Tuesday, September 6, 2011
Kettle Corn 2.0
One of the great things I remember about trading at the Farmer’s Market was the in-kind trading that all the vendors took part in about 15 minutes before closing time. We used to trade whatever we had left for a couple pounds of fresh heirloom tomatoes, a jar of local honey, or a few rotisserie chickens (yes, seriously). Not to toot our own horn or anything, but we generally found that we made out pretty well with the whole bartering system. The market price for a brownie and a smile was, in those days, incredibly high.
One trader that I always made a beeline for at the end of the day was the Kettle Corn Guy. I freaking love Kettle Corn—or at least I thought I did. The whole salty-sweet combination, along with the roasting corn smell just got me every time. But a few bites in, I always found myself getting bored and wondering aloud, “Jenna, why don’t they make Spicy Kettle Corn?”
It stands to reason. You’ve got the salty and you’ve got the sweet—seems like a no-brainer to add a little kick to it, right? I found myself bringing home the leftover kettle corn and experimenting by adding pimentón, cayenne, paprika, everything. But nothing worked quite so well as a combination of Ras al Hanout and freshly ground black pepper.
So, when I decided to make a little fresh popcorn to accompany a recent trip to the movies, I knew exactly what to pull out of the spice cabinet. And yes, I am the sort of person who brings her own snacks to movie theatres. As if you didn’t know. Ladies and Gentlemen, I give you Kettle Corn 2.0. Movie theatre popcorn cannot touch this stuff.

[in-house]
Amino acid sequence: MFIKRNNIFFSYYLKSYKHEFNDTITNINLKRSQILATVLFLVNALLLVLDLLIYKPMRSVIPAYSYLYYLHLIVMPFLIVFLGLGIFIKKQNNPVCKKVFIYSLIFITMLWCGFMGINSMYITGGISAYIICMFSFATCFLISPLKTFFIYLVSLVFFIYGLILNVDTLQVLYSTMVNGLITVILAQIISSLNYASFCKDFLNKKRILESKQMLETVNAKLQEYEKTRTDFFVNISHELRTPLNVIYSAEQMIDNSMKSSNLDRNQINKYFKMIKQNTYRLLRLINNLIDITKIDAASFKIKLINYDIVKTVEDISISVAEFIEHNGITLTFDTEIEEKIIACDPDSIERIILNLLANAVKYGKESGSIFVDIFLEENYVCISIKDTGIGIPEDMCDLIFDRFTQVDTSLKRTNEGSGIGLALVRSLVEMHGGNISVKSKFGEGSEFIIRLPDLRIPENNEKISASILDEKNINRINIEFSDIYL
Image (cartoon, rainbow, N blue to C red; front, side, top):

Kettle Corn Guy: If you’re out there, I’m sorry. You’ve been replaced.
Kettle Corn 2.0 (makes about 5 cups)
1/3 cup corn kernels
1 tbsp sunflower oil
2 tbsp unsalted butter, melted
1 tsp sea salt
2 tsp dark brown sugar
½ tsp Ras al Hanout (or more, if preferred)
½ tsp freshly ground black pepper
Directions: In a large heavy-bottomed saucepan with a tight-fitting lid, heat the sunflower oil over medium-high heat. Meanwhile, combine the melted butter, salt and spices in a large bowl and stir to combine. When the oil in the pan heats up, add the popcorn kernels so they lay on the bottom of the pan in a single layer. Shake the kernels around so they get coated in oil. Place the lid over the pan and put on some oven gloves.
As the popcorn starts to pop, gently shake the pan back and forth with the lid firmly in place so the un-popped kernels fall to the bottom. As the popping speeds up (ie, more than 4 pops per second), you may want to pull the pan from the heat so the bottom layer doesn’t burn. At this point (depending on the size of the pan you’re using) you may want to tip out some of the popcorn into the bowl you’ve got waiting to make some more space in the pan. When popping slows to about 1 pop per second, remove the pan from the heat. Leave the lid on for about a minute as some of the kernels may still be popping. Once it’s done, tip out the popcorn into the bowl with the butter and spice mixture and toss to combine.
Forget why you ever thought regular old Kettle Corn was so good in the first place.
at 3:37 PM